The Dogs of Heatherhope
Border Collies are the world’s premier stock dogs. Many breeds will move or guard sheep or cattle, but Border Collies can do a great variety of jobs because they are so intelligent, eager to please the handler, focused on their work, and possessed of tremendous stamina. A team of four or five Border Collies can gather thousands of sheep from a hundred square miles of mountains in Scotland, or a single dog can single off one pregnant ewe for the shepherd or gently push a lamb back to its mother’s side in a barn. They have been doing this sort of work, responding to shepherd’s whistles or voices, for several hundred years in Britain, and since colonial days in the Americas.

Cap at work. Photo by Sandi Scott

Love of Border Collies led us to begin to visit shepherds in Britain starting in 1994. Since then we have averaged at least one visit to Scotland, England, Wales or Ireland each year, establishing warm relationships with some of the finest breeders and trainers of working sheepdogs in the world.

All of our Border Collies come from the finest working lines, and all of them have exhibited strong herding instincts as well as great stamina and sociable personality. We belong to the United States Border Collie Handlers Association ( and Britain’s the International Sheepdog Society (, and compete in numerous herding competitions sponsored by the USBCHA each year.

Currently we own seven Border Collies and a Great Pyrenees guard dog. They include:


Cap, born 12/25/03, has taken over from his father, Mirk, as our go-to dog on the farm, and has become our top trial dog. We helped our friend, Wally Yoder, to purchase Cap’s dam, Liz, at the same time we brought Mirk back from Scotland, in 2003. Liz was also a fine nursery dog for Bill Elliot in the Borders. Her dam is Roddy MacDiarmid’s Dot, a bitch that has won the 2000 Scottish and International Brace Championship and numerous other open class wins. Liz’s father, also named Cap, is of Bill Elliot’s breeding and goes back to Johnny Wilson’s two-time International Supreme Champion, Spot. Our Cap is very athletic and confident in moving sheep in just about any situation. Cap’s hips have been scored OFA “Good” and his eyes have been tested by Optigen as normal, so he does not carry the gene for Collie Eye Anomaly.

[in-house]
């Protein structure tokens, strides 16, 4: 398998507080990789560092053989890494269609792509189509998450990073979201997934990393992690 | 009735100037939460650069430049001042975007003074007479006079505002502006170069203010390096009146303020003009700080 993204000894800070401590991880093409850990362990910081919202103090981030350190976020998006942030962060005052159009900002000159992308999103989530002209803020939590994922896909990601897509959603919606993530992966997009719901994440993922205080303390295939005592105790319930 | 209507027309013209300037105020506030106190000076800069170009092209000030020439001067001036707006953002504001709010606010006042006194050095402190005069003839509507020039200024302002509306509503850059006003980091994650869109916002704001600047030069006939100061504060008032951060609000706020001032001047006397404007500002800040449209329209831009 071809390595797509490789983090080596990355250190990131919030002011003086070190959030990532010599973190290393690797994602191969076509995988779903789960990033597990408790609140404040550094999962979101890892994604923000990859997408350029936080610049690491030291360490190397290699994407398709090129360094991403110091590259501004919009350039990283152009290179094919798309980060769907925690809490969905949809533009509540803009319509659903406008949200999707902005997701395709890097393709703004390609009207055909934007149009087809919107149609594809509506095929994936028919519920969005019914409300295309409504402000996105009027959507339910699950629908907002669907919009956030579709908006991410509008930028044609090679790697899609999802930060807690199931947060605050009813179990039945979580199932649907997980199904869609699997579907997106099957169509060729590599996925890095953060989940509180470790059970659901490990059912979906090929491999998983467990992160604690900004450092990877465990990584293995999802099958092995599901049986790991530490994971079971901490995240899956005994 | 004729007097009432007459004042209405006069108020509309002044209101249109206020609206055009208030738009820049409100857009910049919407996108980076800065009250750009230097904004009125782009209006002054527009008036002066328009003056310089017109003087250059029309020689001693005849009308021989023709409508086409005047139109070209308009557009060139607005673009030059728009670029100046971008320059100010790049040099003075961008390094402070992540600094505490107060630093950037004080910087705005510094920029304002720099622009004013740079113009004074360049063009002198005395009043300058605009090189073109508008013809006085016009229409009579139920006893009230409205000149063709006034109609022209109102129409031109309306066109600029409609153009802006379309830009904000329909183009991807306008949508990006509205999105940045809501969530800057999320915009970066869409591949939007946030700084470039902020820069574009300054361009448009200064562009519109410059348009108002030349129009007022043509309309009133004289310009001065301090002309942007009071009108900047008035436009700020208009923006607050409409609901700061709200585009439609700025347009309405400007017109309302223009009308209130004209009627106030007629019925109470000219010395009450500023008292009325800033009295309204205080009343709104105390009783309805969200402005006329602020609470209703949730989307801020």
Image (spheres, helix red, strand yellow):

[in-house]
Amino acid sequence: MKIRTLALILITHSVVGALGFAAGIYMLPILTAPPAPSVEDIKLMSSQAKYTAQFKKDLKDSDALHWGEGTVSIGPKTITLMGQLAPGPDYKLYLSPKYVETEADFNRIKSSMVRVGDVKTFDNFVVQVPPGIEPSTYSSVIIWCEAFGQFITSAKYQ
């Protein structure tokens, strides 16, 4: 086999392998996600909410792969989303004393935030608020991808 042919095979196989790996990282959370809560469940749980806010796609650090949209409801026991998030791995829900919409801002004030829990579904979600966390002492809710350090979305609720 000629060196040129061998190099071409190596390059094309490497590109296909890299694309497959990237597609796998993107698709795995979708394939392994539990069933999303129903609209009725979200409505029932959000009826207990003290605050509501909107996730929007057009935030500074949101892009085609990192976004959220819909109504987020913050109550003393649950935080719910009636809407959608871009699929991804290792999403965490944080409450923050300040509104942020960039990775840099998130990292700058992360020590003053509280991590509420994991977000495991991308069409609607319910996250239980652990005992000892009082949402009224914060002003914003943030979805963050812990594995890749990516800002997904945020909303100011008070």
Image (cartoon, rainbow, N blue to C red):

Bess, born 4/3/2005, is of our own breeding (out of our Tess  by Mirk–both of whom are now deceased), and in her career on the farm is showing all the power of both her parents. Frankly, she is a bit of a handful—her keenness making her the most hard-headed dog I’ve trained. Being a bit of a “free-lancer” we kept her away from the stock much  of the time for a couple years, but have recently been surprised to find that she has settled well and has become a good farm worker.

Imported Abbie, born 1/4/2007, has shown that she can handle anything on the farm or on the trial field. She was born in the Lake District of England, the son of Derek Scrimgeour’s Cap (ISDS #266571) who had a very strong nursery career before suffering a soft tissue injury and being sold to the United States. Cap was himself the son of Raymond MacPherson’s Dolwen Chips, a dog that took two International Driving Championships, was Reserve English Champion in 1996 and 10th in the International Supreme in 1994. We bought Abbie when she was a year old, after she had been trained as a youngster by 2005 World Champion handler, Gordon Watt. She can move extremely fast around sheep so we have been working to slow and steady her flanks. She has always had great scope in working big gathers. Her hips have been scored OFA “Good” and her eyes have been tested by Optigen as normal, so she does not carry the gene for Collie Eye Anomaly.